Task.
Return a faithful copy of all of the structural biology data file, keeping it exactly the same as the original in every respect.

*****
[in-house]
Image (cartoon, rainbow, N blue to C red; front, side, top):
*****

[in-house]
Image (cartoon, rainbow, N blue to C red; front, side, top):